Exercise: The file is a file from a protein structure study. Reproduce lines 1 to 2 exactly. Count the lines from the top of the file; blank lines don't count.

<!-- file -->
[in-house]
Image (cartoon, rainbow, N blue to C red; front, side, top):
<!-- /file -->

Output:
[in-house]
Image (cartoon, rainbow, N blue to C red; front, side, top):